Image: a woman in silhouette holding forth a lit sparkler.

3 Writing Prompts to Spark Your Creativity

In this excerpt from her book The Joy of Writing Journal, Lisa Tener offers three prompts to help you see story ideas all around.
Image: urban wall with graffiti reading "Unlearn and rethink."

The Most Significant Choice Of Your Writing Career

This choice has nothing to do with the act of writing, but everything to do with how you talk to yourself about your vocation.
Image: close-up photo of flames rising from burning logs

Strained Brain? How to Stoke Your Mental Fire

It’s impossible to fire on all cylinders all the time, so dedicate some of your writing time to stoke the flames of creativity.
Image: person using scissors to cut a piece of paper on which are written the words "hatred," "indifference," and "envy"

The Green-Eyed Monster: Jealousy in the Time of Quarantine

Despite our best efforts, artistic jealousy affects us all at times. But how we perceive another’s success is never the whole picture.
How to Restart Your Unfinished Book

How to Restart Your Unfinished Book

Your calendar will never be suddenly free of urgent distractions. To finish that book on the back burner, you must actively bring it forward.
letters

Letter Writing as a Powerful Prompt

From Franz Kafka to Bob Dylan, history shows that letter writing can be a portal to discovery that benefits a wide variety of projects.
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Writing from the Bottom Rung: How to Sustain Your Creativity During a Pandemic

In Maslow’s hierarchy of needs, the top rung is where creativity happens—after our sustenance and security are met. Many of us are just not there, yet.
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For Writers, Silence Might Not Be Golden After All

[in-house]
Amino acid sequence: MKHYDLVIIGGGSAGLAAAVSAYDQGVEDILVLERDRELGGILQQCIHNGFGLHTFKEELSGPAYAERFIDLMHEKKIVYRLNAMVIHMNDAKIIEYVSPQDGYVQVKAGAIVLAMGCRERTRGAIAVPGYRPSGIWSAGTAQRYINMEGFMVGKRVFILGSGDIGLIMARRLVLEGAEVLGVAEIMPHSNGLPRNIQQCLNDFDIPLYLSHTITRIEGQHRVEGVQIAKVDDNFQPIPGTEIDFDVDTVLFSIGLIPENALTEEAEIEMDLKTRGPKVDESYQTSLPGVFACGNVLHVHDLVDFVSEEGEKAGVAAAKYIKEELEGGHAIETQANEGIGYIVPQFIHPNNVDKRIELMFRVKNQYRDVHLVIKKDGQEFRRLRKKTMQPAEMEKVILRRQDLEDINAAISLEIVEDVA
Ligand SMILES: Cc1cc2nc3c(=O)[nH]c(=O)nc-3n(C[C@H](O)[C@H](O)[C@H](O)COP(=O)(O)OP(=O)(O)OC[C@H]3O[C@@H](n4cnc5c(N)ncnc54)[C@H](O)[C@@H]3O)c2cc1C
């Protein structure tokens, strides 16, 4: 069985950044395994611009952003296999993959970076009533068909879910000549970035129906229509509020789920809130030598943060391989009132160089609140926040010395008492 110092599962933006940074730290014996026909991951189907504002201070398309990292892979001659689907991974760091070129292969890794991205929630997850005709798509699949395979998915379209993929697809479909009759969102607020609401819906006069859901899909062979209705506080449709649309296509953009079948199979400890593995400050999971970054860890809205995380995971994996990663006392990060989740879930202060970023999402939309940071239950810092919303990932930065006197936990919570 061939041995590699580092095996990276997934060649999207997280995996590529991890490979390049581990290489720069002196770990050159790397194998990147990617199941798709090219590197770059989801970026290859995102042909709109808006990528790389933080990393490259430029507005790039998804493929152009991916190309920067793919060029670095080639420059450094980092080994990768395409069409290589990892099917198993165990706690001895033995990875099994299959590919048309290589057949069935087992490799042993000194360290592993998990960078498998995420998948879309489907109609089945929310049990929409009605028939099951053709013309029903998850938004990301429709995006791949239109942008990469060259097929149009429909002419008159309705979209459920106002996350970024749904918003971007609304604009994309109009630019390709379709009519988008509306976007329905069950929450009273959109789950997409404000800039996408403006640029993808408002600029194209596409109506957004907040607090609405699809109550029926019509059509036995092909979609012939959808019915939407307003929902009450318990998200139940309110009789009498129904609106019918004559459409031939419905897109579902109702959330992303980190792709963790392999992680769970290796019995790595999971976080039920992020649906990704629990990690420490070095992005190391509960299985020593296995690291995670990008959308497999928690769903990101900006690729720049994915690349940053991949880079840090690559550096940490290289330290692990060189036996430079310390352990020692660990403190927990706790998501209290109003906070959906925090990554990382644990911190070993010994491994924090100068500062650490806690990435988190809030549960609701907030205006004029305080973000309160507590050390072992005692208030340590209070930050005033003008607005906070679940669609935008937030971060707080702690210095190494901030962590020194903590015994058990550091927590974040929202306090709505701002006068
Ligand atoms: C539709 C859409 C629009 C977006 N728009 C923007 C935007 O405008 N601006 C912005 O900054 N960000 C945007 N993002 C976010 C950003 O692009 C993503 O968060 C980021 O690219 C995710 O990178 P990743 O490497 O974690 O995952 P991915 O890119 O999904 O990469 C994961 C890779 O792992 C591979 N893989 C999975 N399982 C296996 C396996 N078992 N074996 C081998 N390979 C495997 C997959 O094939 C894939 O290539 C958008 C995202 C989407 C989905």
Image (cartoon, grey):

Research shows that most people reach peak cognitive performance under moderately noisy conditions—roughly the sound of a coffee shop on a busy day.
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7 Non-Literary Ways for Writers to Get into the Flow

At times when reading seems like a chore and writing every day is like squeezing blood from a stone, try nurturing your creativity in different ways.
empty train track

Loss: The Exact Reason to Read and Write

Loss can make fiction feel like an obnoxious waste of time. And maybe it is. But what if all of this loss is the exact reason to read? To write?
Lightbulb made of crumpled paper, get out of doldrums

How to Get Out of the Writing Doldrums

When stuck in the doldrums, writing coach Mathina Calliope recommends "writer candy"—literary distractions that nourish the muse.
45 Years

Context: When a Story Demands More Than Plot

Sometimes a story demands more than just a plot. You may want to create a context, a descriptive background that sheds light on a story's meaning.
Yi Shun Lai watercolor notebook

Better Your Writing By Being a Beginner—Every Day

You've probably heard writing advice such as “Ass in chair” and “Write every day.” While the advice has its limitations, there's a good reason it's mentioned so often.
Writer's Block Solutions

Writer’s Block Is a Gift. Here’s Why.

You're intimately familiar with the nature of your writer's block, right? In this guest post, creativity coach and author Julia Roberts pinpoints specific tools, and how they helped her, to clarify and solve the real issue.
chair table el salvador

Considering Your Reader Is Not Coddling Them

Which approach is right? Write only for yourself and in service of your vision OR write with an intended readership in mind.
Leaving Your Critique Group

Knowing When to Fly: Leaving Your Critique Group

In working on your craft, it's one thing to find the right critique group. It's quite another to know when to fly. Writer and librarian Lisa Bubert shares her experience, outlines her formula, and offers tips on leaving the nest.
myth of the natural writer

The Myth of the Natural Writer

There's a legendary joke about the writing life, often attributed to Margaret Atwood. It goes like this: A brain surgeon and a writer meet at a party.
When you're not ready for rejection

When You’re Just Not Ready for Rejection